1825 - 1897 (72 years)
||Johann Adam Benkelman [1, 2, 3, 4] |
||13 Feb 1825
||Waldhausen Parish, Welzheim, Jagstkreis, Württemberg, Germany [1, 2, 3, 4, 5]
||30 Dec 1897
||Cass City, Tuscola County, Michigan [2, 6, 7]
||2 Jan 1898
||Elkland Township Cemetery, Cass City, Tuscola County, Michigan
- BonnieMargaret, in the process of writing her manuscript, also read about Schwäbisch folkways. She reported that when each of Leonhard's sons were born, they would have been wrapped by his mother and the midwives in attendance in a shirt belonging to their father and placed on the floor, where the father would then pick him up as an act of recognition and claiming. The infant would be christened as soon as possible before any witch could place a spell on him or her. The godparents would be summoned and the christening would take place, and only at that time would the child's name be revealed. They kept the area the baby slept in lit, so no changeling could be put in his or her place. The baby was not taken from his home for six weeks, after which time the family would begin to visit friends and neighbors. The child was then presented a "schwatzei" or chatter egg, from each of the neighbors, who would lightly tap the child on the mouth with the egg, to pass along the gift of speech. (pp. 70, 71) She also wrote that "according to parish record, he was actually born on the Schmitthof, nearby the Schneiderhof. Probably sometimes it was necessary to go to the midwife....The jurisdiction at the time was the Oberamt Welzheim, and that appears on the death certificate of both Adam and [sister] Louisa Benkelman...Waldhausen Parish is now in the jurisdication of Waldhausen-Lorch and that is where the records are to be found [post 1938]." (p. 127)
On the German church registry, he is shown as a citizen of Waldhausen, a master barrel maker, and belonging to the Schneiderhof near Lorch, renting in Börtlingen. They also show he emigrated to America in June 1851. None of his children were listed because they are all born in the United States. Waldhausen Parish was nearby Lorch, within the Oberamt Welzheim. BonnieMargaret writes (p. 73) that Adam was accepted to a trades training program in Waldhausen, despite his father not being citizen of that parish or a member of that guild. He completed his training and was considered a master cooper.
BonnieMargaret later noted that Adam would have been about 14 when he began is training as a cooper. "..he would have gone into one of the training houses where the young apprentices lived together while they learned the rudiments of their craft. After several years of apprenticeship, Adam would have begin the 'wandering' that was a traditional part of the training of the journeymen artisans. During those years he woudl travel from village to village, living in the guild housing and working with other journeymen who were proving their skills and providing evidence of their reliability and good character. Adam's admittance into the trades is an example of the flexibility of the Württemberg laws governing these things. Strict compliance with the law would have meant that Adam could not have entered this training, since one of the requirements was legitimate ancestry. His father had proved himself a responsible person [however] ...and there is some evidence that Adam's mother came from a substantial and respected family, which would have helped." (p. 127).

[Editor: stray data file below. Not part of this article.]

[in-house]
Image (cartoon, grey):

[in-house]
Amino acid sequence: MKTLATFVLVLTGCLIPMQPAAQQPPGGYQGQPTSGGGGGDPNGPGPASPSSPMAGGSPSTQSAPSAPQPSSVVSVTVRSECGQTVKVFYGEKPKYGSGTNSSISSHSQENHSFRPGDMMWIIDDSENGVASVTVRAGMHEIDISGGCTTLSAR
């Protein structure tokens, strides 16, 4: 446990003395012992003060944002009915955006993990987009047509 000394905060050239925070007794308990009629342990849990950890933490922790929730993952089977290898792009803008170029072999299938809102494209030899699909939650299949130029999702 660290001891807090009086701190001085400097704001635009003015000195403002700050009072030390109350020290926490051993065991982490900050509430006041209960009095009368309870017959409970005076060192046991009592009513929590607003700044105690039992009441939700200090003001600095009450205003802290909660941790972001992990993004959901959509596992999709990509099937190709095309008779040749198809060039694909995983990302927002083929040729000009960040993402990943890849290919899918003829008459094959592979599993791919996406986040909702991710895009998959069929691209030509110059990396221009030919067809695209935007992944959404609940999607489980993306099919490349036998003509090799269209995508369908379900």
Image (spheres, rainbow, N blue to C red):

Johann Adam Benkelmann and Catherine Benkelmann were referenced as applying to emigrate to North America in 1851 by Schenk, Trudy and Froelke, Ruth THE Württemberg EMIGRATION INDEX Salt Lake City: Ancestry, Vol. 5. 1988. 240 p. Source Code 8057.8, p 14. Also listed with them were Johann Georg Benkelmann (1850) and Johannes Benkelman (1851).
The following was excerpted from the "Memoirs of John A. Benkelman" (published posthumously) by Hilda Jane Stickley Benkelman in 1966. John A. Benkelman was the third child of Johann Adam and Catherine (Schiefle) Benkelman. Hilda Stickley Benkelman was John Benkelman's daughter in law, and compiled the book based on the stories he told over and over again to his children.
Adam Benkelman and his wife, Catherine Scheifle Benkelman left Hamburg, Germany, shortly after their marriage in 1850 (sic). Upon arrival in America, they traveled by train to Lancaster, Erie County, New York, to the home of John Scheifle, brother of Catherine. They spent one year with the Scheifles, and it was there that their first son, George, was born.
Their next move was to Bowmansville, Erie County, New York, where the remaining children were born.